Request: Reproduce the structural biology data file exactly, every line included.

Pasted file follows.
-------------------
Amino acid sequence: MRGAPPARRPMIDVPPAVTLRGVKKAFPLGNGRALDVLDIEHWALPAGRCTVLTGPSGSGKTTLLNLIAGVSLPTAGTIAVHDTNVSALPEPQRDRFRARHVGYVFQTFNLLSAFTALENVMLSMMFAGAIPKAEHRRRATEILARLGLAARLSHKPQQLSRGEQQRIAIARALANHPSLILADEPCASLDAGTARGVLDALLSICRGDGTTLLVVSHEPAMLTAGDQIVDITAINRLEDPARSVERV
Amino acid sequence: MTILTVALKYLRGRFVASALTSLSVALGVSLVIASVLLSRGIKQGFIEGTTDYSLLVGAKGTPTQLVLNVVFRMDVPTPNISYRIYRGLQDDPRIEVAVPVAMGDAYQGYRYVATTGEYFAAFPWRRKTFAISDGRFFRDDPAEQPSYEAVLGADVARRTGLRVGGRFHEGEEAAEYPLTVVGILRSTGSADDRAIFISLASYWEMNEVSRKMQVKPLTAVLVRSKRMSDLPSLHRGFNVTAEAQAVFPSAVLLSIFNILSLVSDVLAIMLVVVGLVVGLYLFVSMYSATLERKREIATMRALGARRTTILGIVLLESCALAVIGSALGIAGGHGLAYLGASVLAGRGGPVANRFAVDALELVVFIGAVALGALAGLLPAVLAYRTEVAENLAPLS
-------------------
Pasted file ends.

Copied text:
Amino acid sequence: MRGAPPARRPMIDVPPAVTLRGVKKAFPLGNGRALDVLDIEHWALPAGRCTVLTGPSGSGKTTLLNLIAGVSLPTAGTIAVHDTNVSALPEPQRDRFRARHVGYVFQTFNLLSAFTALENVMLSMMFAGAIPKAEHRRRATEILARLGLAARLSHKPQQLSRGEQQRIAIARALANHPSLILADEPCASLDAGTARGVLDALLSICRGDGTTLLVVSHEPAMLTAGDQIVDITAINRLEDPARSVERV
Amino acid sequence: MTILTVALKYLRGRFVASALTSLSVALGVSLVIASVLLSRGIKQGFIEGTTDYSLLVGAKGTPTQLVLNVVFRMDVPTPNISYRIYRGLQDDPRIEVAVPVAMGDAYQGYRYVATTGEYFAAFPWRRKTFAISDGRFFRDDPAEQPSYEAVLGADVARRTGLRVGGRFHEGEEAAEYPLTVVGILRSTGSADDRAIFISLASYWEMNEVSRKMQVKPLTAVLVRSKRMSDLPSLHRGFNVTAEAQAVFPSAVLLSIFNILSLVSDVLAIMLVVVGLVVGLYLFVSMYSATLERKREIATMRALGARRTTILGIVLLESCALAVIGSALGIAGGHGLAYLGASVLAGRGGPVANRFAVDALELVVFIGAVALGALAGLLPAVLAYRTEVAENLAPLS